To date, the use of large-scale solar to supply LNG facilities has not been implemented due to questions of cost, reliability, maturing regulatory environment, and appropriately sited solar resources.
This study examined the potential for integrating solar power into existing land-based Australian LNG plants to reduce their carbon dioxide (CO2) emissions. Since these plants have already been built, the study investigated technologies to retrofit these facilities.
The study drew on expertise from LNG plant operations, renewable developers, academia, government and regulators to identify technical and commercial barriers, and solutions.
Key objectives of the study were to:
This study aimed to increase the sustainability, social license and long-term competitiveness of the Australian LNG industry by developing a world-leading pathway to reducing emissions and lowering costs.
The outcome of this study is a world-first blueprint for LNG facilities to increase fuel efficiency and competitiveness with potential applications for other large industrial facilities, also using gas for power generation. This will provide opportunities for a huge range of businesses in the supply chain, such as renewable developers, whilst addressing key community concerns about emissions produced by the energy sector.
The study found that a considerable amount of solar PV power can be integrated into LNG plants across Australia through retrofitting. If the maximum amount of technically feasible changes identified through this approach are enacted, it is estimated that the onshore LNG plants in the NT would reduce CO2 emissions by 19%, Queensland by 18% and WA by 21% from the emissions arising due to their electricity and stationary energy demand.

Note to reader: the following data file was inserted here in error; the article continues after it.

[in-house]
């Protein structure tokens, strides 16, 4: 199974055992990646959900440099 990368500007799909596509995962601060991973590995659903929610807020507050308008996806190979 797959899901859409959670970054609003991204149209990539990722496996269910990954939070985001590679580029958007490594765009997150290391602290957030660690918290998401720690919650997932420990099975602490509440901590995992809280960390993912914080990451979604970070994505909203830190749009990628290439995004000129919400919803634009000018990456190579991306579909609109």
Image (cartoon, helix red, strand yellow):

That equates to around 97 m GJ per year of natural gas that could be freed up from the liquefaction process and emissions reductions of about 5 million tonnes of CO2 per year at existing production capacities (1% of Australia’s current total emissions). If all changes were able to be implemented before 2030, these emissions reductions would account for 4-9% of those needed for Australia to reach its emissions target.
The amount of new infrastructure that would be needed to facilitate the proposed solar power systems would lead to significant employment opportunities. During an installation stage of ten years, 1,890 full-time jobs would be needed, and a further 868 ongoing positions would be created for the operational phase.
Overall, the solarisation of Australian LNG plants would lead to financial, environmental, economic and employment benefits for the country.